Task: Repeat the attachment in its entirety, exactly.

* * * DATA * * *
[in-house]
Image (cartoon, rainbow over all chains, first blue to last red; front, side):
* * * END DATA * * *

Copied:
[in-house]
Image (cartoon, rainbow over all chains, first blue to last red; front, side):